STED Nanoscopy with an “infinite” pool of fluorescence labels
The idea of using fluorophores that transiently bind to their target was adapted from the single-molecule super-resolution method termed PAINT (Point Accumulation for Imaging in Nanoscale Topography) (Sharonov and Hochstrasser 2006). A key advantage of PAINT is its independence of photobleaching: fluorophores repeatedly and transiently bind to their target, while otherwise freely diffusing in the imaging buffer.
Following this concept, the authors considered exchangeable labels typically used for PAINT also for other imaging modalities, e.g. confocal microscopy and STED nanoscopy. The prerequisite for these fluorophore labels are fast exchange kinetics and high-density labeling of the target structure. Different to single-molecule PAINT imaging, this requires higher concentrations, as well as suitable binding affinities (~ µM) and off-binding kinetics (~ 10-100 s-1). The authors evaluated the performance of five labels, including two membrane stains (Nile Red, FM4-64), two fluorogenic DNA stains (JF646-Hoechst, SiR-Hoechst), and the actin labeling peptide Lifeact-AF594. They determined the ability of the fluorophores to exchange between the target structure and the free pool, the fluorescence signal over time, and the resulting STED image quality. Importantly, some of the fluorophores are cell permeable (e.g. Nile Red and SiR-Hoechst) and thus suitable for live-cell experiments. All of the dyes investigated are compatible with the same depletion wavelength (775 nm) and allow simplified two color STED imaging: Nile Red, FM4-64 and Lifeact-Alexa 594 can be easily combined with one of the DNA dyes (JF646-Hoechst or SiR-DNA).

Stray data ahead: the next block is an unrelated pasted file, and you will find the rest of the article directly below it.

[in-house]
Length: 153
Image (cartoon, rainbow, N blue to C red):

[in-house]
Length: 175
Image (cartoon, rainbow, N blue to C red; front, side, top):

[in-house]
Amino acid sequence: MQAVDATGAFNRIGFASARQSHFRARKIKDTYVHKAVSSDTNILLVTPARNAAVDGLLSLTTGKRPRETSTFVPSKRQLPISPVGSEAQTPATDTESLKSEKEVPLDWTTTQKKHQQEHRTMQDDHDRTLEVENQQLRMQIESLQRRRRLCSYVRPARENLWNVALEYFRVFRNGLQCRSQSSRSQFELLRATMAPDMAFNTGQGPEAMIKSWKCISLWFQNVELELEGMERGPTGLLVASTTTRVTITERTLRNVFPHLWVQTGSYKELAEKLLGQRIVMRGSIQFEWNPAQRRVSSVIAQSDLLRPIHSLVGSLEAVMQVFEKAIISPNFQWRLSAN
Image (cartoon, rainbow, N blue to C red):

The results demostrated that exchangeable fluorophores enabled labeling densities that allowed for high-quality STED imaging with low background. The constant exchange allowed using optimal imaging conditions for fixed cell imaging in 2D and 3D (Figure 1). A particular benefit is STED imaging of large volumes (such as entire cells): exchangeable fluorophore labels, other than permanent labels, do not show out-of-plane photobleaching. The combination of Lifeact-AF594 and JF646-Hoechst in eukaryotic cells showed the advantage of STED for multicolor: the Lifeact peptide labeled actin, while JF646-Hoechst targeted DNA features at the nanoscale (Figure 2). The STED approach was also successful for multicolor, 3D STED imaging both in mammalian and bacterial cells. Hereby, the images on whole-cell, two-color 3D STED along the axial direction showed a constant fluorescence signal over time. In both cases, the dynamic fluorophore exchange circumvents photobleaching issues that can compromise signal-to-noise ratio.
In summary, the combination of STED and exchangeable fluorophores delivers high labeling density for whole-cell, multi-color and live-cell STED imaging. The exchangeable labels not only benefit 3D and live-cell measurements, but also allow optimizing STED imaging without losing signal as with permanent labels. The concept can be extended to other labels and opens new opportunities for STED in correlative imaging approaches.
- Grimm, J. B., A. K. Muthusamy, Y. Liang, T. A. Brown, W. C. Lemon, R. Patel, R. Lu, J. J. Macklin, P. J. Keller, N. Ji and L. D. Lavis (2017). "A general method to fine-tune fluorophores for live-cell and in vivo imaging." Nat Methods 14(10): 987-994.
- Spahn, C., J. B. Grimm, L. D. Lavis, M. Lampe and M. Heilemann (2019). "Whole-cell, 3D and multi-color STED imaging with exchangeable fluorophores." Nano Lett. 19 (1), pp 500–505.
- Sharonov, A. and R. M. Hochstrasser (2006). "Wide-field subdiffraction imaging by accumulated binding of diffusing probes." Proc Natl Acad Sci U S A 103(50): 18911-18916.